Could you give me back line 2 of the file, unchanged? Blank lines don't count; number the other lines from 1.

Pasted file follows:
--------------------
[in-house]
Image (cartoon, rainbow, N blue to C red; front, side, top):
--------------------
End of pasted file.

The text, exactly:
Image (cartoon, rainbow, N blue to C red; front, side, top):